Our beliefs will be based on a number of factors, intellectual, emotional, cultural and so on, and these are predominantly personal things. But deep-rooted spiritual beliefs can derive from an intuitive understanding of the nature of reality, and this goes beyond the merely personal. With that in mind, I will set forth my beliefs here. Some of them are absolutely fundamental though the form and expression they take may change as and when I develop a higher understanding. Others are less unshakeably held and more truly beliefs in that I have learnt them on my travels. They are not what caused me to set out in the first place. Consequently they belong more to the mind than the heart even if they were only accepted by the mind in their current form because the heart inclined towards them anyway.  

Here then is my credo.

I believe that the basis to life is spiritual by which I mean that we are not the body and we are not the mind. We use these things but are something much more than either of them. Call it the soul.

I believe that this material universe is the expressed form of a living reality that transcends it. Call it God.

I believe that God has a personal aspect which relates to creation and an aspect which relates to non-manifest being, and that these may differ in expression but do not in reality.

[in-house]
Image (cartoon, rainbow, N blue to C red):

I believe that all life is one. There is one God and there is nothing else other than God. God created all the worlds out of His being and He is present within every atom but He also transcends the entire manifested universe. He is the Absolute but he is also the most intimate.

I believe that, at root, God and the soul are one and that the experience of life in this world is designed to bring that to our full attention. Hence Earth is a school. The sole purpose of this school is to make the individual soul fully conscious of itself as pure spirit.

I believe that, despite appearances, all is working out as it should because God is love. The pain and suffering we experience now will one day be seen in their true light as tools designed to open our eyes to the truth about ourselves. I don’t believe that this means we should ignore the suffering of others or that we should not try to relieve it whenever we can.

I believe in the hierarchy of existence. Life is one but the moment it manifests the one starts to become the many and hierarchy necessarily emerges. It appears in the structure of the planes of manifestation that descend from pure spirit to gross matter and it appears in the great chain of being that stretches from the mighty archangel  to the humble cell.

I believe that the goal of life is spiritual realisation and nothing else is of any real account. I also believe that many people are sidetracked by ‘lesser goods’ and diverted from their true paths as in (for example) attempts to improve this world. These will never succeed if they do not grow out of spiritual understanding which must always come first. This world will only improve when we acknowledge our true nature and are faithful to our primary purpose, and that is to grow in spiritual understanding. All the attempts to establish a kingdom of heaven on Earth are doomed because the kingdom of heaven is within and if we have not found it there we can never make it here.